Future engine and airframe design involves a complex decision-making process and a balance of considerations among many factors (e.g., carbon dioxide emissions, NOx emissions at ground level, NOx emissions at altitude, water vapor emissions, contrail/cirrus production, and noise). These aspects have not been adequately characterized or quantified in this report.
Internationally, substantial engine research programs are in progress, with goals to reduce Landing and Take-off cycle (LTO) emissions of NOx by up to 70% from today's regulatory standards, while also improving engine fuel consumption by 8 to 10%, over the most recently produced engines, by about 2010. Reduction of NOx emissions would also be achieved at cruise altitude, though not necessarily by the same proportion as for LTO. Assuming that the goals can be achieved, the transfer of this technology to significant numbers of newly produced aircraft will take longer-typically a decade. Research programs addressing NOx emissions from supersonic aircraft are also in progress.
There would not appear to be any practical alternatives to kerosene-based fuels for commercial jet aircraft for the next several decades. Reducing sulfur content of kerosene will reduce SOxO emissions and sulfate particle formation.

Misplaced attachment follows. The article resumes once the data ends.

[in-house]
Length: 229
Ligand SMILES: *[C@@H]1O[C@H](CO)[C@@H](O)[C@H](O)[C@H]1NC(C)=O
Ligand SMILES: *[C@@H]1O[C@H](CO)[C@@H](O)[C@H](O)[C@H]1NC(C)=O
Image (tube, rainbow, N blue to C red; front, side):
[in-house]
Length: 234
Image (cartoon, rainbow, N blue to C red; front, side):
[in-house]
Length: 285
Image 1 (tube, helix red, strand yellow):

Jet aircraft require fuel with a high energy density, especially for long-haul flights. Other fuel options, such as hydrogen, may be viable in the long term, but would require new aircraft designs and new infrastructure for supply. Hydrogen fuel would eliminate emissions of carbon dioxide from aircraft, but would increase those of water vapor. The overall environmental impacts and the environmental sustainability of the production and use of hydrogen or any other alternative fuels have not been determined.
The formation of sulfate particles from aircraft emissions, which depends on engine and plume characteristics, is reduced as fuel sulfur content decreases. While technology exists to remove virtually all sulfur from fuel, its removal results in a reduction in lubricity.